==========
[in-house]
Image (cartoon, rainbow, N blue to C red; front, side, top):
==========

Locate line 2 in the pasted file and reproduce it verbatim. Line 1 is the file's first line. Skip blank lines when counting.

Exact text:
Image (cartoon, rainbow, N blue to C red; front, side, top):